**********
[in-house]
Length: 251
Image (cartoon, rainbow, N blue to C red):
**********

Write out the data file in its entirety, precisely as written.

[in-house]
Length: 251
Image (cartoon, rainbow, N blue to C red):